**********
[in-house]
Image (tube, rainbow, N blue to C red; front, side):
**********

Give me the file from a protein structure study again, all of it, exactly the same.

[in-house]
Image (tube, rainbow, N blue to C red; front, side):